As per global statistics, India has some of the most polluted cities in the world, however, the scenario seems to see a reversal in its usual trends since the air has been way too clean in recent weeks due to the nationwide lockdown imposed due to the pandemic. The Centre for Research on Energy and Clean Air (CREA) experts have detected that even a single-day lockdown has caused the average nitrogen pollution level to drop down to the lowest, especially in urban areas of the country during the spring season. Other Indian cities such as Mumbai, Chennai, Kolkata, and Bengaluru too have witnessed a huge drop in the overall air contamination. The green impact is not limited to just air contaminations rather water correlates (such as oceans, rivers, lakes, coasts, and so on) too have recorded pertinent improvements in the form of a reduction in toxic industrial wastes. Before we reach any sort of concrete solution to tackle the twin-edged sword problem to deal with climate change on one hand and virus on the other, it is essential to answer some of the trailing fundamental questions.

Does the outbreak of any virus such as corona carry the potential of changing the entire dynamics of global climate change?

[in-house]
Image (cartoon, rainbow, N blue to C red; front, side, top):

One of the studies indicates that every second, 310 kg of toxic chemicals are released into air, land, and water by industrial facilities around the world. This is equivalent to approximately 10 million tonnes (over 21 billion pounds) of toxic chemicals (substances that can cause severe illness, poisoning, birth defects, disease, or death when ingested, inhaled, or absorbed by living organisms) released into the environment by industries each year. Astonishingly, standalone air pollution possesses the capacity to kill an estimated 7 million people globally annually. It seems that together different sectors due to lockdown such as transport, industries and businesses have contributed their respective share to witness a worldwide drop in the overall emissions. As per the studies conducted in 2018 by Zurich (Switzerland) and Kyoto (Japan) universities, under such conditional restrictions, people tend to shift perpetually to sustainable lifestyles (like working from home, and so on) if kept for a longer period of time. Unexpectedly, all major nations have registered a gigantic plunge in the air pollution levels in comparison to the levels at the beginning of the year 2020. For example, the USA is able to curtail the pollution level by 50 per cent, China by 25 per cent, and many such countries including Spain, Italy, and so on with the overall expected drop of 0.3 per cent in the global emissions in the current calendar year. The WHO statistics depict that 9 out of every 10 people tend to breathe air containing high levels of air impurities. Fortunately, reasonable efforts by the WHO in the same direction to contain and improve the air quality